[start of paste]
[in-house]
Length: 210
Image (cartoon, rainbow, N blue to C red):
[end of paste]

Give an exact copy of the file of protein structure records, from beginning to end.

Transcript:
[in-house]
Length: 210
Image (cartoon, rainbow, N blue to C red):